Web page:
LIRR commuter Christopher Ebel is taking issue with the LIRR's...

LIRR commuter Christopher Ebel is taking issue with the LIRR's new refund policy which charges a $10 penalty on any refunded ticket. He says the fine print is typically obscured by other text when the ticket comes from a vending machine, as on the ticket seen here. (Feb. 24, 2011) Credit: Danielle Finkelstein

The Long Island Rail Road's new refund fee, which could charge more than a ticket's value, is unjust and, because of a printing problem, not enforceable, a Melville lawyer says.

Attorney Kenneth Mollins represents Christopher Ebel, 44, of Hewlett, in his dispute with the LIRR over a $10 surcharge for refunds on all tickets that Mollins says is being unlawfully enforced because the fine print on some tickets referencing the LIRR's new terms is impossible to read.

On Jan. 25, Ebel bought from a ticket-vending machine in Hewlett five one-way tickets between various stations, including Valley Stream, Far Rockaway and Jamaica.

Ebel said he was unaware that, as of last month, the tickets were valid for just 14 days, rather than the previous 90 days. Ebel said he was unable to use the tickets within the allotted two weeks.

When he called an LIRR customer service representative to inquire about returning the tickets for a full refund, he was informed of the newly enacted surcharge.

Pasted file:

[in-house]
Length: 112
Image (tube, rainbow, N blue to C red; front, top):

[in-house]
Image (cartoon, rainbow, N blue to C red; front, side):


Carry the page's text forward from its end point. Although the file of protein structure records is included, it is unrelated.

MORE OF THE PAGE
Ebel pointed out that on each ticket the fine print states it is subject to "conditions of use" and that notice is covered by a black box of text reading "One Way Peak" or "OW Off Peak."

"They can't hold you subject to something you can't read, especially when it's their fault you can't read it," said Mollins, who contacted LIRR officials to dispute the legality of the refund policy.

LIRR officials would not comment, but did make available a letter they sent to Mollins in response to Ebel's claim. In the letter, LIRR attorney Kevin McCaffrey said the LIRR regrets "the printing error" on some tickets and "will make every effort to correct it."

But, McCaffrey added in the letter, the LIRR "did more than the law required" to notify riders about the fee, including through public hearings, news releases and published materials.

Ronald Colombo, a Hofstra Law School associate professor specializing in contract law, said the case raises important issues about the legality of imposing terms in contracts that are not made clear to a purchaser and may not even be legible.

"For a term to be part of a contract, the parties to the contract have to be aware of it," Colombo said. "Here, it wasn't even in front of his eyes."

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